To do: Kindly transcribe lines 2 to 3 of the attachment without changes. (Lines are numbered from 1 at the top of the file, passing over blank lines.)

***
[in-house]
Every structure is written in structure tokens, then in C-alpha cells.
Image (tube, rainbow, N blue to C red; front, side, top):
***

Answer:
Every structure is written in structure tokens, then in C-alpha cells.
Image (tube, rainbow, N blue to C red; front, side, top):